It’s been one year since Janus v. AFSCME overturned 40 years of government labor precedent. Now, public employees who decide not to join their workplace union are no longer forced to pay fees for unwanted representation.
In fact, since the June 2018 court ruling, a flurry of worker-led lawsuits has erupted. Some workers are demanding unions to repay fair share fees. Others want the right to resign after the union denied their membership resignation and continued taking their dues.
Indeed, under this pressure, the Service Employees International Union Local 668 is letting workers resign at any time, while new state government union contracts strike out fair share fees.
So in this context, with fair share fees clearly unconstitutional and other types of coercive unionization under challenge, why would Pennsylvania school districts include agency fee provisions in their new contracts?
At least 12 school districts have signed new teacher contracts with fair share fees since the Janus ruling, even while school boards scrambled to comply with it. The wide-ranging districts agreeing to fair share fees with the Pennsylvania State Education Association (PSEA) include:
- New Kensington-Arnold, Westmoreland County (education support staff)
- Tuscarora School District, Franklin County
- Penn Manor, Lancaster County
- East Stroudsburg, Monroe & Pike Counties
- Upper Darby, Delaware County
- Oxford Area, Chester County
- Hanover Area, Luzerne County
- Steel Valley, Allegheny County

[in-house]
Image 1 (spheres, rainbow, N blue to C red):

- Penn Hills, Allegheny County
- Jefferson-Morgan, Greene County
Unlike other unions that, under scrutiny, at least abide by Supreme Court ruling, it seems PSEA may be hedging its bets with this bizarre new wave of fair share fees.
Keeping fair share fee provisions in contracts makes it easy to restart the practice if Janus is rescinded or other changes occur. This is especially likely given Pennsylvania still has fair share fees in state law.
Further, few people have the time or interest to track tedious labor law, meaning many teachers are unaware of their recently-won Janus rights. In such an environment, union officials could easily mislead teachers into thinking they’ll pay fees for non-membership, deterring them from leaving the union.
Overall, public sector unions are preparing to yet again charge non-members fair share fees, prioritizing money over workplace choice. It’s more important than ever to pass the Employee Rights Notification Act to inform workers of their rights and to remove fair share fees from Pennsylvania law. No teacher or public worker should have their Court-affirmed rights violated.